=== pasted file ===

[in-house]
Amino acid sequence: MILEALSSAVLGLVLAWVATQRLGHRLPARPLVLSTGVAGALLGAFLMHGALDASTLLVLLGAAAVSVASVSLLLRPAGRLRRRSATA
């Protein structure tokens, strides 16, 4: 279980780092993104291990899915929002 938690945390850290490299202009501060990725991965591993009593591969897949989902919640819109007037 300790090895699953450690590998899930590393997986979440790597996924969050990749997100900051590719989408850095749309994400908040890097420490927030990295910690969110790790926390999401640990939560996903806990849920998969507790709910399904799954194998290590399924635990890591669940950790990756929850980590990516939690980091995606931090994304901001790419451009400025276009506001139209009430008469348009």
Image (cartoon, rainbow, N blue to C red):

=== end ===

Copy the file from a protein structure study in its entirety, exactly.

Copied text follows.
[in-house]
Amino acid sequence: MILEALSSAVLGLVLAWVATQRLGHRLPARPLVLSTGVAGALLGAFLMHGALDASTLLVLLGAAAVSVASVSLLLRPAGRLRRRSATA
């Protein structure tokens, strides 16, 4: 279980780092993104291990899915929002 938690945390850290490299202009501060990725991965591993009593591969897949989902919640819109007037 300790090895699953450690590998899930590393997986979440790597996924969050990749997100900051590719989408850095749309994400908040890097420490927030990295910690969110790790926390999401640990939560996903806990849920998969507790709910399904799954194998290590399924635990890591669940950790990756929850980590990516939690980091995606931090994304901001790419451009400025276009506001139209009430008469348009």
Image (cartoon, rainbow, N blue to C red):